What informs your church structure?

Notes from our weekly NCF Church Staff meeting by Grant Crawford compiled by Sabine Mahabeer

There are many different denominations in our greater church family, and everyone has a certain way of doing things. In recent events, we were asked how we structured our church, because “whatever we are doing seems to be working”. In answer to this question, here are some thoughts:

Your structure must serve your vision. Your vision mustn’t be squashed into your structure.

Values and principles give rise to structure. Structures, people and meetings may come and go, but the real question is: What is the foundation on which God builds His Church?

1. Church is not for Church

At the very front of our vision is a longing to see lost people saved. Church is not for church. A disciple, by his very definition, is someone who goes to make disciples. We are meant to “go into the world and make disciples of the nations (Matthew 28v19)”.

This command extends to things such as meetings: our view is that the only meeting aimed solely at regular church attendees should be a leaders’ meeting. Every other ‘meeting’ should be an outreach opportunity to see people saved. This includes financial – or marriage courses, worship events or topical meetings of similar nature.

In addition, we hold to the view that a pastor can’t be in charge of doing everything from cleaning the church to preaching, as well as whatever else falls in between those two tasks. Often people come to church thinking that the church exists to serve them and to create an opportunity to meet other church people and, as a result, adopt an attitude of: ”Why would I serve?”.

However, we need to understand that church is for others, and that it serves to lift Jesus up, and see the lost saved. This is part of the greater cause and we shouldn’t lose this principle value.

 A church must have a hunger to see the lost saved.

2. Equip the Saints

In Ephesians 4v12, we read that the role of a pastor is to “equip the saints for acts of service”. A pastor doesn’t do the evangelising- he equips the saints to do so.

A challenge we are likely to face is the challenge of getting people involved in serving at church. However, the fact remains that we need to get everyone on board when it comes to serving in the church. We need to get people out of the mentality and posture of passivity and into an active role. This in turn will start having a positive impact on church life, as well as people’s own personal lives and workplaces.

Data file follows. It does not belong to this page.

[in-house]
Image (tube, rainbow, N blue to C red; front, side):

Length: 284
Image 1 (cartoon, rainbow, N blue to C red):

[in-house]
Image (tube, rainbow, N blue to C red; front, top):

The best person to recruit someone else to serve is someone who is passionate and who loves the ministry he or she is serving in.

We need to encourage people, and give a higher meaning to what they are doing, as well as equip them to succeed in their place of ministry. We want everyone on board as we follow the greater call we received from Jesus.

 3. ‘Think Young’ Without Losing the Gospel

We try to ‘think young’ when planning for the future. For example, 70% of Pietermaritzburg is under the age of 35. That is something we need to take into consideration when we plan the way we do church. The older people may love it when young people come to church, but we can lose these young people when a church comes across as boring and out-dated. Therefore, we need to present the gospel in a way that is appealing to young people.

If we look redundant, people will think we are redundant.

This leads to two issues that we face as Christians. In regards to sharing the gospel, there are some things we don’t contend because they are non-negotiable. These include theological topics such as “Jesus is the only way to the Father” or that there is a heaven and a hell. We don’t change anything about the gospel of Christ, but we do change the package the gospel comes in and the way we do church.

However, there are others who are too liberal in their church theology. They take liberties that are unbiblical. The way they do church and life may look cool, but the truth is that they are watering down the gospel.

Then there are others, who are conservative in practice, but liberal in their teaching. This is dangerous because they may look respectable, but have completely abandoned the gospel of Jesus Christ.

When we are ‘thinking young’, we need to know what we stand for and never stray from the gospel Jesus preached.

 4. Everyone can be a leader

One last subject informing our principles- and this may seem controversial to some people- is that every Christian can be a leader. A person, who has been saved for only three months, can be a leader. This doesn’t mean that everyone is qualified to, or does in fact lead, but if they take it seriously everyone can be a leader in one shape or form.

The ways in which we can help this process include getting people involved and train, release and encourage them to lead.

These above-mentioned values stand at the centre of what we do, and because of them, our structures change.Our ultimate leader is Jesus who equips us to do His work. The foundation of our church is not built on people or structure, but on Jesus.

Feature image acknowledgement: wallpapersfor.me